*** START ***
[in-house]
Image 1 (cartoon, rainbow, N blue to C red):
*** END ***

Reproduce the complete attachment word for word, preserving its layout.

[in-house]
Image 1 (cartoon, rainbow, N blue to C red):